Cluttercore is a new interior design movement. It is not associated with mess and untidiness but rather an intentional approach to organised clutter.
Cluttercore is about loving all the beautiful things that you already own. The objects capture a story and are a reflection of who you are. This joyful maximalism offers vibrant colour and texture, patterns and prints.
MORE IDEAS FROM THE ARTICLE
The pandemic has changed the way we look at the world. It renewed a love of indoor glamour and outdoor spaces. It also changed the way we relate to our homes.
Homes have become multifunctional. For some, that meant clearing away the extras, but for others, that meant surrounding themselves with beautiful things that make them feel safe and comfortable.
Minimalism has dominated design media, where people are advised to get rid of items from their homes that don't "spark joy". But it couldn't last forever. Many people feel that they can't live that way.
In contrast, cluttercore proponents admit that they have a lot of stuff they have collected and take pleasure in arranging them in interesting ways.
Wealthier nations are prone to rid themselves of tons of unwanted stuff every year, often dumping the items on poorer countries that lack the infrastructure to deal with it. Cluttercore counters the explosion of "stuff."
Just because an item doesn't spark joy now doesn't mean that you won't like it in the future. It gives us a reason to keep it as each item has a story. They are part of our lives.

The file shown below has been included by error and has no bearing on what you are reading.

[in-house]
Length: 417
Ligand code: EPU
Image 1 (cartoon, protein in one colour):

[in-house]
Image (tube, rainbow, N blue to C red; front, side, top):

When decorating your house, you might consider the transitional design if you find both traditional and modern designs not suitable for you. Better go with the mix of the two. Accessories are kept to the minimum, while the furniture and the textiles have the central role.
The 'less is more' term is applied to many philosophies, products or lifestyle choices.
The definitions are broad, from intending to reflect on the damage we're doing to the world to Marie Kondo method that helps people live meaningful lives with less. Marie encourages people to declutter and only hold on to the possessions that 'sparks joy.'
While people always want to have new looks, they are becoming aware of the impact of their choices on the environment. Vintage is back and possibly for good. The popularity of vintage is a response to fast fashion.
A recent report from the second-hand clothes sales platform TredUp expects the total resale market to double in value by 2023 (from $24bn to $51bn).